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Chromatography can be approximated by a series of equilibrium events between the mobile phase and stationary phase. Here, LCGC Blog editor Kevin Schug discusses an exceptional spreadsheet macro written by an undergraduate researcher that helps users visualize the development of chromatographic separations.
In a previous blog post, I discussed fundamental aspects of the role of thermodynamics in chromatographic separations. I talked about how, although true equilibrium is never reached, the concept of partition coefficients was directly relatable to the chromatographic concepts of capacity factor and selectivity. This is one of those simple but important concepts that often gets lost in the shuffle of varying myriad mobile phases, stationary phases, and analytes during method development. Before we reinforce the elegance behind the simplicity of using partition coefficients to model chromatographic separations, I want to thank those of you who have taken the time to write to me with comments following some of my past postings. In fact, this is a nice opportunity to thank one individual (who will remain nameless) who wrote to me following my previous blog about thermodynamics in chromatographic separations. The person had attended a seminar some years back during graduate school and indicated that the speaker nicely described chromatography as a dilution process. I wanted to mention this, because this makes good sense to me. As the mobile phase moves forward, it pulls the analytes contained therein with it. This movement of the mobile phase dilutes the area above the point where some of the analytes had partitioned into the stationary phase. Such a dilution would induce a concentration gradient and compel analytes in the stationary phase to partition back into the mobile phase. Of course, the analytes still have to diffuse through the stationary phase to the phase boundary. This is where concepts like film thickness (for example, in gas chromatography) and kinetics come into play (the “C-term” in the van Deemter equation). That is a discussion for another time, but I hope this concept of dilution helps create a picture of what is happening at the molecular scale in your mind, like it does in mine.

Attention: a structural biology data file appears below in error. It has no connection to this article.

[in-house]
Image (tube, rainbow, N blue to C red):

Moving on, I want to return to the simple notion of chromatography being approximated by a whole series of equilibrium events (“theoretical plates” if you will) between the mobile phase and the stationary phase. Not too long ago, my colleague Sandy Dasgupta wrote to me in an email about a simple Excel macro his student had written. I think that part of his excitement came from the fact that this macro was written by an undergraduate researcher in his group, Akinde Kadjo — a demonstration of exceptional potential for a student at that stage of her career. I list her name here because she is also the first author on a nice chromatography tutorial paper that she and Dasgupta published recently, which describes the Excel macro (1). When Sandy wrote me, he was also clearly excited about the simple elegance of the macro and its ability to visualize the development of chromatographic separations. I have to concur that it is exceptional, and that is why I also wanted to share it with you.